It’s been a long time since I basically vacationed for an entire month, and it was totally worth every 12 hour day I’ve spent working to catch up on things since returning home!

Stay tuned in the coming days for some new posts revealing the latest projects. Curious as to what I’ve been up to?  Let’s just say it seems I missed the memo on Independence day being in July, haha.

 

 

Meet “The Hammond”

Okay, so you know that whole post I made last week…you know, the one about “I don’t do neutrals,” welllllllll that’s not technically true.  I guess I should have said something like, “I don’t usually do neutrals.”

As I have mentioned before, the creative process, for me, is very organic.  I can plan and plan and plan before I actually paint a piece…but as soon as I get my hands on the furniture and start focusing on it… cleaning it, sanding it, touching it…the furniture begins speaking to me and my plans are soon tossed out.  In short, I let the furniture tell me how it wants to “dress” so-to-speak.

And this one…

Before: In good, solid shape, but needed some work.

Before: In good, solid shape, but needed some work.

Don't normally find such detailed mirrors on utilitarian, farmhouse dressers.

Don’t normally find such detailed mirrors on utilitarian, farmhouse dressers.

…said she wanted to wear a classic and sophisticated gray.  Why?  Well, The Hammond wanted to be painted in a neutral tone in order to let her stunning vanity mirror make the bold statement.  I mean, it’s not everyday I come across a century-old, utilitarian, farmhouse dresser with such an ornate vanity mirror.  Usually, if I find the dresser and it still has the original vanity mirror, the mirror is just as utilitarian and undecorated as the dresser.  So I was absolutely thrilled to find this lovely piece.  And she wanted me to create a custom blended dark gray and to use a lighter gray to highlight her beautiful features.

So, I obliged.  And here is what she looks like now:

Perfect balance between chippy and distressing.

Perfect balance between chippy and distressing.

On some pieces, neutrals still make a bold impression!

A view of the side slats

A view of the side slats

Don’t you just love the slatted sides on these old dressers?  I know I do.

Just like with the last piece, I used milk paint on this dresser.  I love how milk paint can be manipulated to create the perfectly distressed and aged finish so that a piece can look like it was painted many, many years ago.  As well as giving a beautiful “chippy” look to furniture, milk paint can also be distressed using a wet rag (as opposed to sand paper).  I like to use the wet rag method when I’m layering colors.  If you use sandpaper, you can unwittingly sand right through both colors and end up with the wood showing through…and if that happens, you won’t end up with something like this:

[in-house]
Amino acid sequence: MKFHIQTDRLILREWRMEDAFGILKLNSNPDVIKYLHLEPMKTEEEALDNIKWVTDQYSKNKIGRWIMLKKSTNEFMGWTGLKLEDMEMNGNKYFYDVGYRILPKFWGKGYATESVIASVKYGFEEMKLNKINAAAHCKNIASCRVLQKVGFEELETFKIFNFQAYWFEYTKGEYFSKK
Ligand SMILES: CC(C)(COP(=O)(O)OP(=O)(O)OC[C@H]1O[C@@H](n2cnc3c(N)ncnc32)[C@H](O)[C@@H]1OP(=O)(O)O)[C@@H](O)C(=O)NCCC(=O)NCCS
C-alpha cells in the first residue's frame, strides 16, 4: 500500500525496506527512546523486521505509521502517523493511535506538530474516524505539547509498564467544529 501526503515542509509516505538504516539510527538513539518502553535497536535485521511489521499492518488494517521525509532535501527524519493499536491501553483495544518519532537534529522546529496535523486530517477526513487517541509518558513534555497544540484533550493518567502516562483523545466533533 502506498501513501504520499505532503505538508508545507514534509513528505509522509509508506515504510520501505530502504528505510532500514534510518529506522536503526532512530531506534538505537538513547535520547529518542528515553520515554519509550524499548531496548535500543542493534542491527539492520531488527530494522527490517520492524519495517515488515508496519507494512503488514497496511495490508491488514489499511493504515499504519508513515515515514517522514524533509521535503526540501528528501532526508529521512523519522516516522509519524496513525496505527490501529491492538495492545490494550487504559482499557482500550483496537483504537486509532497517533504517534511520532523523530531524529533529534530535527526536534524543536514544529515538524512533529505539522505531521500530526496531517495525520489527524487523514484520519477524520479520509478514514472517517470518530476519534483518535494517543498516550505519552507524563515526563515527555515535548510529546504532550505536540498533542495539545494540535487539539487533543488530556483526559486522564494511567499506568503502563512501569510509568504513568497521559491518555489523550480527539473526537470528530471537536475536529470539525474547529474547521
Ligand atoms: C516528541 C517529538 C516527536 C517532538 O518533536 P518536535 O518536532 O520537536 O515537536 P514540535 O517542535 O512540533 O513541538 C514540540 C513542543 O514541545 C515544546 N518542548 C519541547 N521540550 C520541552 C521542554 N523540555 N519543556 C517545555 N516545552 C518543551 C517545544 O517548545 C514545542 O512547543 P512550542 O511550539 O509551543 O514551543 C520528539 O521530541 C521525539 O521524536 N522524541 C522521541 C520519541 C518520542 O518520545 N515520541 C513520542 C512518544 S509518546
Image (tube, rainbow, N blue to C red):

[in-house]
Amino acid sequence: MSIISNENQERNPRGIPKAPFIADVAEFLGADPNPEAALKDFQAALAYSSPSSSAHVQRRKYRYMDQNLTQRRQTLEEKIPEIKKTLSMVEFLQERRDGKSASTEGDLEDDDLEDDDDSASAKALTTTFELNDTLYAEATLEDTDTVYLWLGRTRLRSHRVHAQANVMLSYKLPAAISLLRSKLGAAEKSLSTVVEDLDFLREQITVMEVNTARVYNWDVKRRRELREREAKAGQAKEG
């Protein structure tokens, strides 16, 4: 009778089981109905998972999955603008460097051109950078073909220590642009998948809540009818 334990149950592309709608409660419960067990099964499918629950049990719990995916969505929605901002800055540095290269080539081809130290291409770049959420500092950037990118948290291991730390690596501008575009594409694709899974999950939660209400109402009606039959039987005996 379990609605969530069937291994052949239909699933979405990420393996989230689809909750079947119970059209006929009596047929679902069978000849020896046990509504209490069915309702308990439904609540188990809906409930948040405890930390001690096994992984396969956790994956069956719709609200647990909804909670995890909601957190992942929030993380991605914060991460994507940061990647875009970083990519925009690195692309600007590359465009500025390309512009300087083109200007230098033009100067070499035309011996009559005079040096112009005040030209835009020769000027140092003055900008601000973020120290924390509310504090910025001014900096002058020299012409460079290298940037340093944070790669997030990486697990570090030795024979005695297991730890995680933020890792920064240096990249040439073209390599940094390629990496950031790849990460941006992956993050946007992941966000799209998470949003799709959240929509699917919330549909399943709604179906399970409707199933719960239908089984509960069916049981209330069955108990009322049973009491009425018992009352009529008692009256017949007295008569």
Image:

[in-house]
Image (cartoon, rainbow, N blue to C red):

The scroll posts are so beautiful

The scroll posts are so beautiful

The Hammond

The scrolled posts and the rest of the vanity mirror were distressed using the wet rag method.  For the appliques and raised detailing, I used a sanding sponge because I did want some of the wood to show through as well.

The light gray really shows off these details

The light gray really shows off these details

Those details really pop!  In addition to layering the paint and distressing back to the wood finish in some areas, I also used a heavy glazing application to really add depth and shadow to all of the little grooves and crevices.  This effect really makes raised details stand out.

More beautiful detailing on the vanity mirror

More beautiful detailing on the vanity mirror

And lastly, the top of this dresser was pretty beat up when I bought it.  But that’s okay…because I like the character it adds.  Each piece has a story…and if you try and fix it up to the point where it looks “perfect,” then you effectively erase that story.  The Hammond would never go for that…she loves showing off her herstory.

New aqua ceramic knobs really pop

New aqua ceramic knobs really pop

The refinished top still shows its age and character

The refinished top still shows its age and character

In conclusion, I don’t always use bold, saturated colors.  Every once in a while I dabble in the realm of neutrals.  Never whites (though I never say never)…but gray is such a wonderful and versatile color (and popular color, as this dresser sold the day I posted it to craigslist).  I know there are more than a few pieces currently waiting in The Hoard that are dying to ‘dress’ in gray.  And I’ll gladly oblige them when their time comes.

-Pelham

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The Apollonia: To Be or Not to Be…

Self-doubt.  Something every single artist experiences, almost on a daily basis…and for that matter, it is something that every human faces.  I can usually work through my self-doubt rather efficiently, but every once in a while my self-doubt begins to feel like a huge ACME anvil that Wily Coyote dropped on me.

This time, the ACME anvil looked a lot like this:

Before

Before

Not so bad, you say?  I agree.  This antique buffet is like a dream come true for us furniture flippers.  I mean, just look at those legs!  And the apron! And the beautiful routed detailing!  And those fantastic tear-drop-esque pulls on the drawers!  What’s not to love, right?  Well therein lied the self-doubt anvil.  No, I wasn’t feeling guilty about painting this piece…it was pretty bad in some places and would have required a LOT of work and money to restore to a wood finish.  I did, however, struggle with the direction I should take with such a beautiful and classic piece.